Review: Giovanni Frizz Be Gone

Giovanni Organic Hair Care Frizz Be Gone Anti-Frizz Hair Texturizing Balm

$7.99 for 2.75 fl oz (78mL)

Cyclomethicone, *Soybean Protein (Glycine Soja), Dimethicone, Tocopherol (Vitamin E), Panthenol (Vitamin B5), *Rosemary (Rosmarinus Officalis), *Nettle (Urtica Diocia) Oil, *Thyme (Thymus Vulgaris) Oil, Octyl Methoxycinnamate
[*Certified Organic Ingredients]

Rub a few silky drops onto palm of hands and distribute through wet or dry hair.  Use sparingly, but more for longer or thicker hair.  May be used with blow dryer for straightening. 

First Thoughts
I’m someone with wavy hair that is very prone to frizz, especially during the summer, so I’m always on the lookout for products to help manage my mane.  I found this at a local health food store and for $8, decided to give it a whirl.  Frizz Be Gone contains no animal by-products and is cruelty free. 

About the Brand
Giovanni describes themselves as an eco chic company.  Their products use Giovanni PureOrganic Technology™ to incorporate vitamins, herbs, minerals, proteins, nutrients, and essential oils. 

Giovanni is often criticized for being a “fake” organic company.  As you can see from the above ingredient list, organic ingredients don't actually make up the majority of this product.  

A More Detailed Look at Ingredients
In addition to soy proteins, vitamin E, herbal extracts and oils, Frizz Be Gone contains cyclomethicone, dimethicone, and octyl methoxycinnamate.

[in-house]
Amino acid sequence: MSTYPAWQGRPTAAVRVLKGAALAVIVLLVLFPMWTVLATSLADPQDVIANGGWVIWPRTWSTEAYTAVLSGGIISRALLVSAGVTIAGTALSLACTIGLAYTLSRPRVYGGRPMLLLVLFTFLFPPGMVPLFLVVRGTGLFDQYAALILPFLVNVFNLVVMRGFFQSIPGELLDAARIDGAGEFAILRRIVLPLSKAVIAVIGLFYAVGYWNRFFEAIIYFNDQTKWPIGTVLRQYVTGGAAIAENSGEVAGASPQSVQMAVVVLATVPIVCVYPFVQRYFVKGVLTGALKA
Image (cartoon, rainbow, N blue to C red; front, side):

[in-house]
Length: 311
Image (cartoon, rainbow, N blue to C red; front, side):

Cyclomethicone and Dimethicone are both silicones.  Cyclomethicone is often found in hair products because it is believed to help nutrients enter the hair shaft.  However, it has also been linked to build-up, both on the hair and into the hair shaft.  Dimethicone is used to coat the surface of the hair and lubricate it.  

Cyclomethicone and dimethicone receive a 2 and 2-3 (low to medium hazard), respectively, from the Environmental Working Group and are flagged for persistence and bioaccumulation, non-reproductive organ system toxicity, ecotoxicology, and skin, eye, or lung irritation.  There is also some evidence of biochemical or cellular level changes at high doses of Cyclomethicone.  

Octyl Methoxycinnamate is an organic compound often used in sunscreen and lip balm for its ability to absorb UV-A and UV-B rays.  Octyl methoxycinnamate has been proven to be absorbed by the body, and when used topically for two weeks, it was detectable in urine (study conducted by the Bispebjerg Hospital in Copenhagen.)  Estrogenic effects have also been noted in laboratory animals, as well as an increased proliferation of breast cancer cells (study conducted by the University of Zurich.)  Octyl methoxycinnamate receives a 6 from the Environmental Working Group (moderate risk.)

Enough about ingredients!  How does Frizz Be Gone actually perform?
I’ve tried Frizz Be Gone on both wet and dry hair, with equally disappointing results.  I usually let my hair air dry, so first I tried applying Frizz Be Gone to wet hair and letting it air dry.  I did not notice any differences from using no product.  On dry hair, Frizz Be Gone did minimize frizz and flyaways for a short time.  Unfortunately, after half an hour or immediately on stepping out into any humidity, the results were negligible.  Also, if I applied more than just a few drops of product, my hair ended up looking greasy.

Final Thoughts
Frizz Be Gone does not meet my usual standards for a natural product and it falls short in performance as well.  The scent was also somewhat unappealing - to me, it smells artificial and chemically.  It also lingers – I noticed the smell when I move my head, right up until I wash my hair.   

Overall, this is not a product I would repurchase or recommend.  I have had much better results lessening frizz and flyaway hair with homemade deep conditioning treatments (Recipe to follow soon!)  



  1. Thanks for the review! My favorite product rigth now to fight frizz is the argan oil, I use one by Pro Naturals and it leaves my hair so smooth, it’s awesome since I have the frizziest hair you can imagine.